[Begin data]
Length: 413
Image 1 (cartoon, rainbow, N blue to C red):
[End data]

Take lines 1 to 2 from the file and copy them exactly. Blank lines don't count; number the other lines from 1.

Length: 413
Image 1 (cartoon, rainbow, N blue to C red):